Brazil Misses Out on World-Cup Betting. What’s India’s Wager?

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The biggest bet in the gambling world right now is Brazil: Will President-elect Luis Inacio Lula da Silva end the country’s decades-long ban on gambling? If he does, Brazil could overtake Italy to become the world’s second-biggest betting country by number of slot machines behind the United States.

Or so Martin Storm, CEO of BMM Testlabs tells us. BMM and its competitor Gaming Laboratories International, or GLI, test more than 80% of gambling products worldwide, helping to keep the industry moving forward. But the Storm isn’t talking to us from Sao Paulo or Rio de Janeiro, which stand to lose around 3 billion reais ($560 million) for not implementing sports betting laws in time for this year’s FIFA World Cup.

We catch the Melbourne native in India zooming in. An Australian at the top of global gambling comes as no surprise: a nation with less than half a percent of the world’s population has 20% of slot machines. But what is the Storm doing in a country where only three of 29 states allow casinos and where most of the real market — historically betting on cricket — is underground?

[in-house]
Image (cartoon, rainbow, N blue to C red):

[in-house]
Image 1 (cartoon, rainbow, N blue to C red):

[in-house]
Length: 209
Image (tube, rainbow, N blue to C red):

Storm is meant to put a little “Made in India” in the certification regulators before they allow consumers to a slot machine or online game. This is what drives the testing market, apart from internal control testing by casino operators. “There is nothing worse than players losing confidence in the market,” says Vätra. Of the 474 regulated gambling jurisdictions, approximately 120 have unique requirements. Taxes make it a high-stakes sport. “No one is more addicted to gambling than governments,” he adds.

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However, only a few jurisdictions have their own laboratories; most rely on the likes of BMM and US-based GLI, which sometimes require 100 submissions before a product is approved. It is a human and skill intensive endeavor that has brought Storm to India. It helps that Aristocrat Leisure Ltd., the Australian counterpart and creator of smash hits like Queen of the Nile, is located nearby in the same New Delhi suburb where Storm has opened its 14th facility worldwide. He wants to hire 500 to 1,000 employees in India to serve the global market from there.

The maker and tester seem to be after the same thing: India’s 5 million-strong outsourcing talent pool. The computer code that runs the game must be scrutinized to see if elements of predictability lie behind the promise of randomness. The winning rates must be analyzed to ensure that the results are not rigged. Back in the day, things were simpler when one-armed bandits sat in the casino hall or local pub. Working online presents its own challenges, because that’s when operators are judged like any financial institution that deals with money and data.